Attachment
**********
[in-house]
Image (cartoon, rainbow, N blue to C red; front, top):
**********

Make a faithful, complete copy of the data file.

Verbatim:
[in-house]
Image (cartoon, rainbow, N blue to C red; front, top):